This lady is my sister and boy does she have a fabulous pair of lungs as she blows the shofar at one of the holiest sites of the Jewish people, in Hevron. She blew the shofar right in front of where Avraham and Sarah are buried.
What a way to bring in the new year, in a place of holiness for the Jewish people. She was there to also celebrate her birthday with friends and family by performing the special mitzvah of hafrashat challah (hence all the challah dough bowls.)
The Sound of the Shofar – By Rabbi Riskin
The Sounds of the Shofar: T’ruah – Look into yourself, and learn to weep.”
We communicate with words and we communicate with sounds: words express thoughts whereas sounds express emotions. Sounds are usually more honest, more genuine, than words. Words can be dissembling, deceptive; words can be crafted to attempt to hide and even betray the truest and deepest of our feelings, which often emerge inadvertently by a sob or a laugh. When the Biblical Joseph weeps (and although he was the most powerful man of his time in ancient Egypt, he wept often) he invariably reveals emotions which he himself didn’t know he still had, emotions he had endeavored to suppress and to forget – his love for his father even though he had disappointed him, his love for his brothers even though they had betrayed him. Indeed, in the bible it is the strongest people who weep.
Rosh Hashanah is Biblically call Yom T’ruah, the day of the staccato, broken sound of the ram’s horn, the day of the sigh (shvarim) and the sob (t’ruah). Re-consideration of one’s life, re-creation of oneself, reestablishment of one’s relationship with G-d – in short, repentance can only begin with a cry, a tear, a sob and a sigh, an honest recognition that indeed one is mortal, indeed, one has fallen short, indeed, one is inadequate, indeed one needs others, indeed, one who is self-satisfied, complacent, smug is incapable of weeping. An individual who is self-satisfied, complacent, smug is only fooling himself; an individual who is self-satisfied, complacent, smug remains a fool.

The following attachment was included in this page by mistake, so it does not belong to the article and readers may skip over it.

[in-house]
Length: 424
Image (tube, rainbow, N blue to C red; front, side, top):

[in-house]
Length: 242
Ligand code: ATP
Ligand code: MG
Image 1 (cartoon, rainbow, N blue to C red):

When Lincoln Square Synagogue was still housed in an apartment (150 West End Avenue), a distraught woman entered my office one late Thursday afternoon and asked me to pray for her three year old daughter who was dying of leukemia, I certainly agreed, took her name and her daughter’s name, but told her how important it was for her to also pray, how G-d only responded to Mother Rachel when she herself prayed for her children. “But I can’t pray,” she said. “I’ve never been to synagogue; I hardly know I’m Jewish.” I took her into the “living-room sanctuary,” placed a Hebrew-English Prayer Book in her hands, opened the ark and left her alone. She emerged twenty minutes later, her cheeks bathed in tears. She thanked me, returned the Prayer Book, and said, “But I didn’t pray. I couldn’t. I could only weep.” I merely explained that her tears were the most heartfelt and profound prayer she could have possibly uttered.